AACTA Awards shape as a big occasion for Mel Gibson and a little-known teenager

Miranda Otto .. impressive in The Daughter. Photo: Brendan Esposito Mel Gibson directs actor Vince Vaughn (right) on the set of Hacksaw Ridge. Photo: Summit Pictures/AP
Nanjing Night Net

Hot contender for best actress: Odessa Young in .

Benedict Samuel and Sarah Snook in The Beautiful Lie, which is nominated for nine AACTA Awards.

Don’t be alarmed if you fail to recognise many of the films in contention for the country’s main film and television awards this year.

In a far cry from the box office hits in the running at the Australian Academy of Cinema and Television Arts Awards last year – Mad Max: Fury Road, The Dressmaker, Last Cab To Darwin, Paper Planes and Oddball – this has been a quieter year for Australian films. The exception has been Hacksaw Ridge, Mel Gibson’s intense drama about a conscientious objector who becomes a hero during World War II.

You might not have seen – or even heard of – the other nominees for best film: the timber town drama The Daughter, the coming-of-age fantasy Girl Asleep, the Vanuatu tribal romance Tanna and the outback western Goldstone. But there are some strong films in there, even if they had only limited cinema seasons.

At least, as the sixth AACTA Awards take place, there are two likely hits heading for cinemas soon in the prequel Red Dog: True Blue and the emotional drama Lion. And on top of Mad Max: Fury Road winning six Oscars this year, there is a good chance Australia will have both Hacksaw Ridge and Lion in the running early next year.

The big question at the awards is whether Gibson’s return to directing will be the big winner 20 years after he collected best picture and director at the Oscars for Braveheart and 10 years after a drink-driving arrest sent his Hollywood career into a spiral. Hacksaw Ridge leads the film nominations with 13 followed by The Daughter with 10.

In the television categories, The Beautiful Lie leads the nominations with nine, followed by The Kettering Incident with eight. They are both up for best mini-series or telemovie against Barracuda and Molly, while The Code, Jack Irish, Rake and Wentworth are up for best television drama. Here’s a rundown of the main film awards …

Best original screenplay While Ivan Sen is a chance for Goldstone and Abe Forsythe for the Cronulla riots comedy Down Under – less so Damian Hill for the comic drama Pawno – the likely and deserving winners are Robert Schenkkan​ and Andrew Knight for Hacksaw Ridge.

Best adapted screenplay Of only two nominees Matthew Whittet​ is expected to win for adapting his own play for Girl Asleep from Simon Stone’s Ibsen adaptation The Daughter.

Best supporting actress With only a limited range of supporting roles for women this year, two nominees for The Daughter, Miranda Otto and Anna Torv​, are up against Kerry Armstrong (Pawno) and Rachel Griffiths (Hacksaw Ridge). Otto had the most complex and demanding role as a conflicted school teacher and nailed it. She should win ahead of Griffiths.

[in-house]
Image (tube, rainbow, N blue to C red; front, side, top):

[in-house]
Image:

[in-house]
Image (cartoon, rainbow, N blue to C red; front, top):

Best supporting actor With Alex Russell (Goldstone) and Luke Bracey​ (Hacksaw Ridge) both missing a deserved nomination, perennial awards favourite Hugo Weaving (Hacksaw Ridge) is up against Sam Neill (The Daughter), Damon Herriman (Down Under) and Mark Coles Smith (Pawno). Weaving won this award for The Dressmaker last year and for Oranges and Sunshine in 2012, in addition to his three best actor wins for Proof, The Interview and Little Fish. He deserves to win again for playing the traumatised father of a war hero.

Best actress In a year of too few strong leading roles for women in Australian film, little-known Maggie Naouri​ (murder drama Joe Cinque’s Consolation) and teenager Odessa Young (The Daughter) are up against established names Teresa Palmer (Hacksaw Ridge) and Maeve Dermody​ (Pawno). The award is likely to go to Young, who played a teenager struggling with a family crisis and is still young enough to be going to schoolies, just ahead of Palmer for Hacksaw Ridge, though both would be deserving winners.

Best actor With two strong performances surprisingly overlooked – Aaron Pedersen in Goldstone and Steve Le Marquand in the gambling addiction drama Broke – two nominees from Pawno, John Brumpton​ and Damian Hill, are up against the more favoured Ewen Leslie (The Daughter) and Spider-Man’s Andrew Garfield (Hacksaw Ridge). Leslie would be just as deserving but Garfield is the likely winner.

Best director Bentley Dean and Martin Butler collaborated impressively with a Vanuatu tribe for Tanna, Ivan Sen again proved his quality as a filmmaker exploring Indigenous themes with Goldstone and Rosemary Myers made a promising debut with the inventive Girl Asleep. But with his first film since Apocalypto a decade ago, Mel Gibson proved he is a world-class director with Hacksaw Ridge. He is both a likely and deserving winner.

Best film While Down Under deserved to be nominated, there are cases for Goldstone and Tanna to win – less so Girl Asleep and The Daughter – but the top award in Australian film should go to Hacksaw Ridge – an intense, violent and moving drama that looks much more impressive on screen than it should for its budget. After a Mad Max film dominated the awards last year, this should be the year of the actor who was the original Mad Max.

The film’s success should not stop there with Hacksaw Ridge also likely to win best cinematography, editing, sound, production design and possibly costume design.

With the craft awards on next Monday, the AACTA Awards are on Wednesday, broadcast on the Seven Network at 8.30pm.

This story Administrator ready to work first appeared on Nanjing Night Net.

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